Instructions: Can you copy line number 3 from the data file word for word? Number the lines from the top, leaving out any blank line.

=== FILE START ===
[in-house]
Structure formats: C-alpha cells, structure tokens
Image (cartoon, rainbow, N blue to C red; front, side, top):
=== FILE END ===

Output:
Image (cartoon, rainbow, N blue to C red; front, side, top):